The permanence of memories has long thought to be mediated solely by the production of new proteins. However, new research from the University of Alberta has shown that the electrical activity of the brain may be a more primary factor in memory solidification.
"It's not just protein synthesis, long the dominant biological model, but also 'offline' memory rehearsal in the brain that leads to memory solidification," says Clayton Dickson, psychology professor at the University of Alberta and one of the authors of the new study. "Although the protein synthesis idea is entrenched in the field, we and others have been closely examining the older data that supports this and have found some perplexing inconsistencies." For this study, Dickson worked with his undergraduate psychology honours students Jonathan Dubue and Ty McKinney as well as his departmental colleague Dallas Treit, all at the University of Alberta and all part of the Neuroscience and Mental Health Institute.
"Learning is thought to occur 'online' by creating new or strengthened synaptic connections," says Dickson. "However, we also know that the period directly following learning--when the brain is 'offline'--is critical for solidifying that information." Although agents that block protein synthesis can block future retrieval of this information at this stage, Dickson has long been convinced that this might be caused by disruption of electrical activity. He equates this stage to a mental rehearsal of the preceding events, activity patterns that likely help set the memory in the subject's brain.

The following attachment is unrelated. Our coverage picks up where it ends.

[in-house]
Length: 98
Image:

The stage when a brain is actively engaged in a new experience can be described as "online" activity. On the flip side of this neurological process, "offline" activity, or neural replay, is the process by which the brain rehearses what has been learned in order to strengthen the most important memories. What Dickson and his collaborators have shown is that protein synthesis inhibitors disrupt activity and can also disrupt "online" processing as well.
"Memory permanence is a critical element of our day-to-day lives," continues Dickson. "Understanding how our brains solidify memories is essential for treating memory disorders and, in the case of post-traumatic stress disorder, for potentially ridding oneself of bothersome memories. The more we understand about the process, the more likely we can find a way for people to improve their good memories and eliminate the bad."
There are only a handful of labs worldwide that critically assess the role of protein synthesis inhibition in memory and synaptic plasticity, including Dickson's at the University of Alberta. "We are interested in what kind of neural activity patterns, i.e. brain waves, might specifically be involved in memory consolidation. We are currently trying to directly manipulate these patterns by using simple electrical methods."
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